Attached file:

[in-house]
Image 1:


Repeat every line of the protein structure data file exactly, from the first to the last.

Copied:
[in-house]
Image 1: